Economic Confidence indicator in collaboration with AGEFI Luxembourg
Amid rising COVID-19 infections and slowing economic growth, the month of December saw PwC Business Barometer record its second consecutive monthly decrease - falling six points to reach 44.
STATEC estimates that GDP growth figures for Luxembourg will stand at 7% for 2021, confirming the materialisation of a V-shaped recovery. That being said, the recent surge in COVID-19 infections, paired with mounting uncertainty regarding new variants, paint a less optimistic picture for the year ahead - with economists forecasting a 3.5% GDP growth for 2022 under a base-case scenario. To adjust for this high level of uncertainty, STATEC has published 2 additional forecast scenarios. The low-case scenario assumes that the COVID-19 variants will continue to spread uncontrollably, increasing pressure on the health system, reducing demand and bringing about new restrictions. The high-case scenario, on the other hand, would see the rapid vaccine rollout bolster consumer and business confidence - with the former using their accumulated savings to boost demand and consumption. Across these scenarios, 2022 GDP growth is expected to range from as low as 1.8% to as high as 5.2%, with the difference between the two figures (3.4%) attesting to the significant level of uncertainty. Uncertainties and ambiguities notwithstanding, however, 2022 is poised to represent another step down the road to recovery in the Grand Duchy, with unemployment expected to fall to 5%, while the fiscal surplus is expected to amount to 1.4% at year-end as a result of the fast recovery in public finances in 2021.
As was the case in Luxembourg, December saw the resurgence of COVID-19 infections across the majority of the euro area. This primarily affected the services sector, which was outperformed by the manufacturing sector in terms of output growth for the first time in three months (although the latter continued to be impacted by supply constraints). The emergence of the Omicron variant, and the subsequent increase in cases, also saw demand across the eurozone increase at the slowest rate in 9 months. An increase in unfinished work was also observed for the 10th consecutive month, despite an above-average employment growth in the region. Finally, businesses were slightly more confident compared to the previous month as the supply side gradually overcomes the problems that were prominent during most of 2021.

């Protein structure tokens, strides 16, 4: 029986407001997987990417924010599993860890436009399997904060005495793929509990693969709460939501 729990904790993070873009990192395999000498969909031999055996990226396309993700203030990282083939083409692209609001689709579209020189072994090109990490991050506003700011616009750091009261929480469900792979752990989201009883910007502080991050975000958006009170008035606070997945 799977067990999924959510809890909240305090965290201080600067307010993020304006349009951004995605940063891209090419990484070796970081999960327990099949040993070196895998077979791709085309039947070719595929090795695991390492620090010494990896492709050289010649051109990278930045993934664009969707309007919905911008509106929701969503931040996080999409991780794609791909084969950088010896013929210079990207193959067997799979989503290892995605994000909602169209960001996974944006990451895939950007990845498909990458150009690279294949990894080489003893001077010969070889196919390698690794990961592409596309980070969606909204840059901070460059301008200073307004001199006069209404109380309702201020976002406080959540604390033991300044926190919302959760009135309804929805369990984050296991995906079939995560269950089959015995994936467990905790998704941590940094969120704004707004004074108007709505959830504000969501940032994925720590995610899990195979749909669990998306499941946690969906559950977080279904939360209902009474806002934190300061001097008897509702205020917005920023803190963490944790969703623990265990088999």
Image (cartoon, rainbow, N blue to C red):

Stock markets across the world got off to a rocky start in 2022, with most markets recording a decline in the first trading days of the year. These movements largely reflect the market’s reaction to the expected policies of central banks (particularly potential interest rate hikes), as well as a sooner-than-expected withdrawal of pandemic support measures. Increasing inflation and stronger than expected growth have cornered central bankers, making an interest hike necessary in order to avoid extensive inflationary pressures. Goldman Sachs recently claimed that the Fed could increase its rate up to 4 times during 2022, based on strong labour market performance, high inflation and a more aggressive stance observed in December. Expectations of interest rate hikes are already evident in US Treasury bonds, since both the 10- and 30-year yields have recorded a steep increase since the start of the year. Consequently, the coming weeks will be important for stock markets in the short- to medium-term, as any announcement could create increased volatility.
The monthly PwC barometer, in collaboration with AGEFI Luxembourg, is an economic confidence indicator that is intended to be a simple and pragmatic tool aimed at capturing the economic atmosphere of the Grand Duchy each month.
The indicator is based on a number of sentiment indices published monthly by Eurostat and Sentix, which are based on surveys (businesses, consumers or investors/analysts).
The indicators used are: consumer confidence (EA for euro area and LUX for Luxembourg), industrial confidence (EA and LUX), construction confidence (EA and LUX), financial confidence (EA), retail confidence (EA), services confidence (EA) and the Sentix Index (EA).